Tex G. Hall
...TEX G. HALLCHAIRMAN
...Tex G. Hall "Ihbudah Hishi" ("Red Tipped Arrow"), a cattle rancher, has been Chairman of the Mandan, Hidatsa and Arikara Nation (also known as the Three Affiliated Tribes) since 1998.Hall served as Superintendent and Principal at Mandaree School from 1985 through 1996, and was named North Dakota Indian Educator of the Year in 1995.He served on the Nation's Tribal Business Council, West Segment, from 1996 through 1998.His election to Chairman in 1998 was one of historical importance to the Tribe, as it was the first time a sitting Council Representative was elected as Chairman.
Hall's reelection to Chairman also is of historical importance, as it represents the only time the tribe's Chairman has been reelected to serve his
people for an additional four years.Hall
follows in the footsteps of both his
father and grandfather, who both served on the Tribal Council
.His grandfather was elected Chairman of the Council 40 years to the day from when the younger Hall was elected - also a Chairman.Hall
learned valuable lessons from his
father and grandfather, who said, "Pay attention and learn as much as you can, because someday you may have to lead your people."Their words became a reality when Hall
was elected for his
first term beginning in 1998.In 1998, Hall was unanimously elected as Chairman of the Great Plains Tribal Chairman's Association.He serves as Secretary/Treasurer of the Board of Directors of the United Tribes Technical College.He is Co-Chair of the National Tribal Leaders Trust Task Force and is a member of the Aberdeen Area Tribal Chairman's Health Board.Hall
has testified many times before the United States Congress
.In 1999, Hall chaired an historic meeting at the White House on Indian treaty issues with President Bill Clinton and Great Plains Tribes.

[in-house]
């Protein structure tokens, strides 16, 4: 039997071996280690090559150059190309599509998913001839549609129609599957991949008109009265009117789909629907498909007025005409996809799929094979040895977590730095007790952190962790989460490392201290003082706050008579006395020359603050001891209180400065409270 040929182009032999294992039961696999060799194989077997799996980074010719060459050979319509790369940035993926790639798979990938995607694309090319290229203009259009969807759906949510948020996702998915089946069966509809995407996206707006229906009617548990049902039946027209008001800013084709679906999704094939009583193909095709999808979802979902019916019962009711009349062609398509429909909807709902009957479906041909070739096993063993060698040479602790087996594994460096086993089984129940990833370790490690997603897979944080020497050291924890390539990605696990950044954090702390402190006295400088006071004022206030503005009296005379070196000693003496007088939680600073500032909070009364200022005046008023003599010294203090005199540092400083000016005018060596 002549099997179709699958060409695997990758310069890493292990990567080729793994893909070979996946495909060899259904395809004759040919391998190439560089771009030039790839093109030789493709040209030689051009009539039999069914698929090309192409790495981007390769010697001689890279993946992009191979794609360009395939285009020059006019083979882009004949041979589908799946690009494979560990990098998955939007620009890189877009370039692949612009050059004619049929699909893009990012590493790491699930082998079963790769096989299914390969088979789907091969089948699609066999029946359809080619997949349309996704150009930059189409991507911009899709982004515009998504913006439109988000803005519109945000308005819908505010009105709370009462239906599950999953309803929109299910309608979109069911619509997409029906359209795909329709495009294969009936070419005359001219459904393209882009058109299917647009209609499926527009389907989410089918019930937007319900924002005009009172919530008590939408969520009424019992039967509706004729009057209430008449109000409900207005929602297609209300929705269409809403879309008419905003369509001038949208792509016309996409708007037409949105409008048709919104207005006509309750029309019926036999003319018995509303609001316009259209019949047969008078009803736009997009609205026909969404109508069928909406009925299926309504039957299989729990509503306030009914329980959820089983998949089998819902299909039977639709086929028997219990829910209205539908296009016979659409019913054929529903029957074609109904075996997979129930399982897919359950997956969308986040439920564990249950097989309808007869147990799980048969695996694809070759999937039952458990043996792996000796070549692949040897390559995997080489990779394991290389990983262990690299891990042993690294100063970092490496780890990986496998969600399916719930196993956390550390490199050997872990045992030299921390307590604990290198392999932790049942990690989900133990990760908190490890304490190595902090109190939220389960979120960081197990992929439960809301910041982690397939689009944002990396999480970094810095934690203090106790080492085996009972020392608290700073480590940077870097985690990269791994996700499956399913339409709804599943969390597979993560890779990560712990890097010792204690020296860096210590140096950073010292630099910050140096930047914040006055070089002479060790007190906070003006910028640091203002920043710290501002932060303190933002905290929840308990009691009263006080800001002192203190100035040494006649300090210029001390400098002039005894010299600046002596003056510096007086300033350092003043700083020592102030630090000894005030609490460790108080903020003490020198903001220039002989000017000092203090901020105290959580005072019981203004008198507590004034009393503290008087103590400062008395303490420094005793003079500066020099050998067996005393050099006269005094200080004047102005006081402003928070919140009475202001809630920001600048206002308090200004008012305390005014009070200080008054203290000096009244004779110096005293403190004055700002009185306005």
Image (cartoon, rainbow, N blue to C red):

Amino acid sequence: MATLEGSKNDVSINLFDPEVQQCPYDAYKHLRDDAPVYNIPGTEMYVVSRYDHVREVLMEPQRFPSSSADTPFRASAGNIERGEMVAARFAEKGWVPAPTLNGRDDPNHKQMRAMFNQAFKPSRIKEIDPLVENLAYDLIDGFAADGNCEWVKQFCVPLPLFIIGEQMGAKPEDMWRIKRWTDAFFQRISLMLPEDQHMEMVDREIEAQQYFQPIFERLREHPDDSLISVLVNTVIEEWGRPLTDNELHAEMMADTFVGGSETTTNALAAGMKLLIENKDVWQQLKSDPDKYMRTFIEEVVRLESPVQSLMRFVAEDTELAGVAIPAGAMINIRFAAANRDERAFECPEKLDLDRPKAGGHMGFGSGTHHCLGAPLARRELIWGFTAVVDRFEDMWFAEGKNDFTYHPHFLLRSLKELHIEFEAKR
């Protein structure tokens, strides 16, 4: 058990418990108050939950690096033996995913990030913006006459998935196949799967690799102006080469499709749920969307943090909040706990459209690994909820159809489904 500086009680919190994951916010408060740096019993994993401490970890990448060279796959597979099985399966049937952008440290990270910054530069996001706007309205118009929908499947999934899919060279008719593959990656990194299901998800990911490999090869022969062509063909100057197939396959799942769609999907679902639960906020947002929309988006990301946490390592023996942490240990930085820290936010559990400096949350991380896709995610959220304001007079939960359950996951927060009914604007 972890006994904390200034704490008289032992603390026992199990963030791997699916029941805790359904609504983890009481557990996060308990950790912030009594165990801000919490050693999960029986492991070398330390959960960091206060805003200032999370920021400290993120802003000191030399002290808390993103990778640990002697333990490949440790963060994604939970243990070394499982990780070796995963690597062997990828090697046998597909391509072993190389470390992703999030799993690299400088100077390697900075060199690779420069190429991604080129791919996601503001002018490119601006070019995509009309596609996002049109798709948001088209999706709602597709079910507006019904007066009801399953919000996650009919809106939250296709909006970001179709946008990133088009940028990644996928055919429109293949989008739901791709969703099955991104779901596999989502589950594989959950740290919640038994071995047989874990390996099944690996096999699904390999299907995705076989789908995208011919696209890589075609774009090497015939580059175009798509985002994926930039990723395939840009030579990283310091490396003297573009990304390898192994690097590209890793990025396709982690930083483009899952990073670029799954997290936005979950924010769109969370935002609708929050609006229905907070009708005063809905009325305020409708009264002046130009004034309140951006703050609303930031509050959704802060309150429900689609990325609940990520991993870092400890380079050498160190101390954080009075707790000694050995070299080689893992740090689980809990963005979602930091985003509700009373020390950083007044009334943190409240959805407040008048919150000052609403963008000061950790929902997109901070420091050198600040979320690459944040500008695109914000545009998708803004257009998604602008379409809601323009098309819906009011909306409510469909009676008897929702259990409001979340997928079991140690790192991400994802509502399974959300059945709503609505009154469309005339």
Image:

...In 2001, Hall served as Co-Chair of the Indigenous Summit of the Americas, which was held in Ottawa, Canada.
other accomplishments, Hall
was inducted into the North Dakota Sports College Hall of Fame
in 1999.Hall also created and implemented Tex Hall basketball camps, held throughout the United States and Canada, and served as President of the 1999 North American Indigenous Games (he currently serves as Executive Director and Chairman of the Great Plains Indigenous Games).Hall created Life-ways Village, a non-profit company for advancing economic development in the Mandaree community, and is currently developing a computer assembly plant on Fort Berthold Reservation and implementing international tourism for the entire reservation.During Hall's first term as Chairman, he has been responsible for a number of key initiatives benefiting the people of the Mandan, Hidatsa and Arikara Nation.
Among them, he
has made a new 24-hour health care facility - with helipads for all segments and emergency care -- his
number one priority and has placed tribal economic development and tribal telecommunications - particularly bridging the "digital divide" -- at the top of his
list of concerns.
In addition, Hall
has been highly supportive of the Tribe's elders organization and has empowered that group's revision to its constitution.At the time of his
election as Chairman, the tribe had been suffering a 50 percent unemployment rate; since his
has been responsible for the creation of more than 300 new jobs.During his
first term (1999-2002), Hall
has brought home more than $200 million in approved funding for a variety of projects, including: a new domestic water project ($70 million); the 4 Bears Bridge (($45 million); a new Cultural Interpretive Center
($11.5 million); a Juvenile Justice Center ($4 million); and many other projects to benefit the reservation.Presently, Hall
has plans to bring more than $185 million toward new improvements to the community.In 2001, Hall was elected President of the National Congress of American Indians, the country's oldest and largest tribal government organization in the United States.
In this position, he
is responsible for a number of national American Indian initiatives of critical importance, such as trust reform, economic development, protection of American Indian tribal sovereignty and health care.In his
role as President - the country's highest tribally elected national position, he
is extremely visible on Capitol Hill, advocating for the rights of American Indian tribes and Alaska Native Nations.Hall has a bachelor's degree from the University of Mary, Bismarck, N.D., and a master's degree from the University of South Dakota, Vermillion, and is working toward his Ph.D. in Education.
In October 2002, Hall
received the University of Mary
Presidential Leadership Award - his
alma mater's highest award of distinction.